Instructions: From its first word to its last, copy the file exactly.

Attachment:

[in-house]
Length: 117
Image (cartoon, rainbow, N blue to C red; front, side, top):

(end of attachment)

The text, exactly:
[in-house]
Length: 117
Image (cartoon, rainbow, N blue to C red; front, side, top):